# GPS coordinates converter

The base for geotagging photos, for map coordinates, and for many
other location application is the Global Positioning System, where
each location on the earth's surface is represented by a
*latitude* and *longitude*. The
*latitude* goes from 90° north through
90° south with the equator defined as 0°. The
*longitude* goes from 180° west through 180° east
with the prime meridian that passes through the Royal Observatory in Greenwich, London
defined as 0°.

While the this coordinate system is almost universal, many different notations for writing coordinates are used. Instead of using “south” or “S” to indicate that a position lies on the southern hemissphere, and using using “west” or “W” to indicate that a position lies on the western hemissphere, negative numbers may be used to indicate south or west.

Coordinates data may also be represented with integers, decimals, or a combination.

Most camera's display position data using integer *degrees* followed by decimal *minutes*, as shown to the right.

Some geotagging software (e.g. Phil Harvey's *ExifTool*) want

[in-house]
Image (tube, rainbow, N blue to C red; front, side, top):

latitude and longitude coordinates in decimal *degrees*
(e.g. “59.9346 10.766433”). This is also the preferred input format for *Google Maps.*

Some sources of coordinate data (for instance
some Wikipedia pages),
use two integers representing *degrees* and *minutes,*, plus *seconds* represented by a decimal number (e.g: “59° 56' 4.56" 10° 45' 59.1582"”).

This converter lets you convert degrees, minutes, and seconds into decimal coordinates, and vice versa.

### Degrees Minutes (Seconds) → Decimal

The minutes field accepts both integers and decimal numbers. Leave seconds field empty if the minutes field contains a decimal value. Use negative numbers for south and west.

### Decimal → Degrees Minutes Seconds

Use negative numbers for south and west.

This webpage uses Javascript to perform the calculations. The FCC provides a non-Javascript version.